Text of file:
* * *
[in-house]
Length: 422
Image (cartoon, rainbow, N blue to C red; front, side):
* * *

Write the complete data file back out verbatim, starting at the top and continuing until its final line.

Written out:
[in-house]
Length: 422
Image (cartoon, rainbow, N blue to C red; front, side):